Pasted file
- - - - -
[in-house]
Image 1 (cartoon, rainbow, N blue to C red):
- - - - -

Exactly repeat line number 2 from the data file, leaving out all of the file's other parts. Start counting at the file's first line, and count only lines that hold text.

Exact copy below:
Image 1 (cartoon, rainbow, N blue to C red):